Admit It! transfers, you’re ready for it to be your turn for all of the committee excitement. Well that time has come. We began committee deliberations for fall transfer applicants this afternoon! Who’s excited? We know we are. We’ve spent the past few months reviewing your applications and learning your stories. Now it’s time to decide who joins the classes of 2015 and 2016. So without further ado…
Overheard in Transfer Committee: It’s nice to see she’s making her way through the GERs.
What the heck does that mean you ask? Well it means that the student who we were reviewing was taking a good assortment of classes across the curriculum. William & Mary is a liberal arts university. We don’t hide from that. In fact, we’re quite proud of it. Yes we understand that college is a time that you get to specialize and take the classes you’re super interested in. But we also know there’s value in studying diverse subjects, in being pushed outside of your comfort zone, in approaching learning from a variety of pedagogies. So here at W&M we have a system of General Education Requirements or GERs which ensure that all students at least get their feet wet in a broad variety of subjects before they graduate.
The particular applicant we were reviewing was hoping to transfer to W&M as an incoming junior. We of course assume that the farther along you are in college, the more you’ll want to spend your time at W&M focusing on your major(s) or minor. So we were glad to see that she had taken classes that would transfer to W&M as fulfilling most of our GERs. That way, once at W&M, she really could pick and choose her classes instead of worrying about a variety of graduate requirements. In other words, she could spend the bulk of her time at W&M in the departments in which she was most interested. And it was specific W&M academic departments that in fact attracted her to W&M in the first place. That’s what we would all call a win-win right?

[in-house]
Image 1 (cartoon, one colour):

Certainly transfer students do not have to fulfill every single GER prior to transferring. However, W&M freshmen and sophomores certainly take several if not most of their GER classes during their first few years on campus. Therefore, we like to see prospective transfer students behave similarly. What we don’t always like to see is transfer students who are clearly taking only the classes they really like and who are in fact avoiding the classes that are outside their comfort zone (for example the English major who’s avoiding science courses or the math major who’s avoiding history courses). Being challenged is a good thing. Being liberally educated is a good thing. This applicant was doing a good thing.
So transfer applicants, continue with us on this journey. Committee will last for several more days, and we’ll have another “Overheard in Committee” blog for you before it’s all said and done.
Wendy Livingston ’03, M.Ed. ‘09
Associate Dean of Admission